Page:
One way that insurers are preparing for this future is by keeping close eye on their policyholders’ surplus. It is the amount of money remaining after an insurer’s liabilities are subtracted from its assets and acts as a financial cushion above and beyond reserves, protecting policyholders against an unexpected or catastrophic situation. The industry’s resilience is demonstrated by the fact that even through times of severe stress, such as the 2007-2009 recession and the COVID-19 pandemic, the industry-wide policyholders’ surplus has not fallen below the $400 billion mark, the minimum base line set forth by regulators . The industry has continually been able to meet its financial obligations—in fact, the industry’s cumulative policyholders’ surplus reached an all-time high of $914.3 billion in 2020.
The bottom line — ESG is in insurers’ DNA
In many ways, ESG is in insurers’ DNA. While there is always room for improvement, the industry has long been focused on the three pillars of Environmental, Social, and Governance.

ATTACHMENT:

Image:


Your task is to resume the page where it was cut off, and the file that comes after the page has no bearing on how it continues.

— Environmental: Insurers are investing in order to ensure they have the financial wherewithal to keep promises and pay claims as climate risks evolve, and using data and analytics to model risk and protect communities. Insurers simply could not be in business if they failed to pay attention to the changing landscape.
—Social: Insurers understand their unique position in society comes with added responsibilities. Close to three million Americans were employed by the insurance industry in 2019, with over $400 billion in claims paid that year alone. Insurers understand that fairness is a core expectation that stakeholders have of the industry, which is why they continually invest in making risk-based pricing models fairer and provide i consumers with premium relief when circumstances allow them to do so.. During the COVID-19 pandemic, for example, insurers provided over $14 billion in auto insurance premium relief to consumers as driving hours decreased. In addition, the industry has long supported non-profit organizations such as the Triple-I, the Insurance Institute for Business & Home Safety (IBHS), the Insurance Institute for Highway Safety (IIHS), and the Insurance Industry Charitable Foundation (IICF) to improve consumer safety and improve consumer understanding of insurance.
—Governance: Insurance is a highly-regulated industry. In the US, insurers are overseen by over 50 regulatory jurisdictions. In addition, they must regularly self-audit and submit assessments of their current and future risk to regulators through the Own Risk and Solvency Assessment. A collaborative, multi-stakeholder approach between insurers and state-based regulators is necessary to ensure the continued resilience of the industry.